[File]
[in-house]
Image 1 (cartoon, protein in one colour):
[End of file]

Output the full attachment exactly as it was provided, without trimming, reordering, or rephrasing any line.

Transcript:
[in-house]
Image 1 (cartoon, protein in one colour):